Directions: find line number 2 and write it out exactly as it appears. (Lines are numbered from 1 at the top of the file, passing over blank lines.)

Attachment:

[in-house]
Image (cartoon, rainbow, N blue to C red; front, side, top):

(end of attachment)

Image (cartoon, rainbow, N blue to C red; front, side, top):